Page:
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Editorials

Innocent Until Proven Guilty

The Commonwealth’s criminal justice system needs reform

By The Crimson Staff

Last week, public policy think tank Massachusetts Institute for a New Commonwealth, also known as MassINC, released a study that highlights the racial and ethnic disparities in Massachusetts’ jail population. The study found that black defendants awaiting trial are greatly overrepresented in some areas of the state, attributable, in part, to far higher average bail amounts. This speaks to a larger trend of racial disparity in incarceration in Massachusetts. Though the state has one of the lowest overall incarceration rates in the country, the numbers for black residents are closer to the national average and relatively high for Latinos.

The study and its results stand as an indictment of the way the criminal justice system works in Massachusetts and across the nation, where too many people, and especially people of color are funneled into a broken prison system. Luckily, the Commonwealth has a readily available way to improve its problem: Legislation currently before the House would introduce risk assessment tools to promote a fairer pretrial process.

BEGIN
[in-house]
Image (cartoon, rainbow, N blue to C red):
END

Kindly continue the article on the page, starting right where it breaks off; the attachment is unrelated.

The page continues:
Imprisoning those who have yet to face a judge only perpetuates unfavorable circumstances. Approximately half a million people on any given day sit in jail due to their inability to pay bail. Setting a high cash bail amount that the pretrial detainees are unlikely to afford is unnecessary and detrimental: Awaiting trial in jail is disadvantageous to the defendant and can lead to loss of unemployment, housing, and social support.

Moreover, in Massachusetts, few of the factors currently used in setting bail have been shown to have any correlation with the risk of flight, and many characteristics that are linked to that risk are not considered. The state also does not utilize a risk assessment process to determine cash bail amounts, unlike the federal courts and other parts of the nation. The pending legislation would fix these issues.

Reducing bail would also lead to lower costs for the state by reducing the economic burden of pretrial imprisonment. In some parts of the state, the variable cost per bed is nearly $6,000 annually; the additional fixed savings generated by reducing cell numbers would further lower costs.

Attempts have been made to shape a fairer pretrial process in other parts of the country. In Washington, D.C., for example, almost 88 percent of pretrial detainees are released non-financially, to great success: Nearly all released defendants attend their scheduled court appearances and very few are arrested again with new charges. This system is a model that Massachusetts should consider following.

As it stands, Massachusetts’ criminal justice system plagues minorities and the poor, at great cost to the state. Reforming the way the Commonwealth handles pretrial detainees could also help diminish racial and ethnic disparities in Massachusetts and the nation. It is time to truly treat all citizens—regardless of color or income—as innocent until proven guilty.

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